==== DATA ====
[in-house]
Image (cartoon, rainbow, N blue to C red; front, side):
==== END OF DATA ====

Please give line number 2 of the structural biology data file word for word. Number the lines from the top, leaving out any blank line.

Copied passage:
Image (cartoon, rainbow, N blue to C red; front, side):